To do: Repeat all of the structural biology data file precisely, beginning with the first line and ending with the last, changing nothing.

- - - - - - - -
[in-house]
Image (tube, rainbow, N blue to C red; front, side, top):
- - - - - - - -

[in-house]
Image (tube, rainbow, N blue to C red; front, side, top):